The idea then was that the web would kill PR agencies. Well, that’s not true. Traditional PR isn’t dead in that sense. What is dead is the notion of media relations as the cornerstone of traditional PR. Media relations continues to diminish in importance. And soon it won’t be important at all. The evidence is everywhere, yet many PR professionals continue to believe that media relations is the primary communications channel for building brand, attracting customers and creating awareness.
If you’re spending time building programs to attract the press – then you’re wasting your time. Newspapers are dying. Magazines are folding. News staffs at every major and minor news outlet have slashed staff and budgets. Trust in traditional media has never been lower. Yet there’s never been more information, more access to it, and more opportunities to produce it.
The reason media relations was the cornerstone of PR for so long is because of what it could deliver – access to potential customers. PR people worked with reporters and editors to place their clients in news and feature stories so that thousands – maybe even millions – of readers could learn about their products and services. And hopefully, a handful of them would buy something.
That model is in intensive care – and we should pull the plug. Media relations was always risky and difficult to measure in terms of success. When you hand your story off to a reporter – you loss control of it. Most companies end up being unhappy about media placements – even placements that PR people crow about. The complaints are always the same: “They got it wrong.” “They missed the most important part.” “They spelled the CEO’s name wrong.”
If PR people are honest for a minute – they know that a media placement is hit or miss. And sometimes it causes a lot of stress. Because if there is a mistake in the copy or even if the tone is wrong – the PR team gets blamed for it.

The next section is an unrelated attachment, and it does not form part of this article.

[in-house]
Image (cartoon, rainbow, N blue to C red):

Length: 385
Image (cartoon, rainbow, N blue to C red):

So don’t do it anymore. Stop collecting media “hits” as if they were a stamp collection and presenting them to clients as if they mean something.
You don’t need to talk to your customers and potential customers through a media filter anymore. As Social Media Pundit David Meerman Scott says in a recent blog post: “Don’t beg mainstream media to write about you.”
He’s right. You don’t have to. Tell everyone your story by speaking with them directly. The filters are unnecessary. Let us count the plethora of ways to engage face-to-face with your customers:
- Start a blog
- Create a Facebook Page or Group
- Become the answer man on LinkedIn
- Post presentations on SlideShare
- Start using Twitter
- Create a MySpace page
- Distribute videos
- Start podcasting
- Use RSS feeds
- Write an eBook
- Build a microsite for customers
- Create a wiki
- Start a user group forum
- Optimize your website for SEO
- Starting Digging or Stumbling
- Build an iPhone application
- Create an iGoogle widget
- Use virtual gifts on Facebook
- Join Flickr
And there are many more. If you start to showcase your expertise , if you begin to help customers solve their problems, or see their problems in a new light – they will come to you. If won’t always be easy. There will be bumps – and mistakes. But if you develop a well crafted strategy and a strong tactical plan to execute against, you’ll be able to reach those customers that are important to you. They will find you.
And these are the new skills necessary for a successful PR agency. PR agencies need to help their clients understand social media, discover the right platforms for them and then help them execute. These are the skills of PR agencies in the 21st century.
Media relations will still exist – but as a result of all the other work you’re doing. Because not only will your customers and potential customers find you when you engage on the web – so will the press.
Or what’s left of them.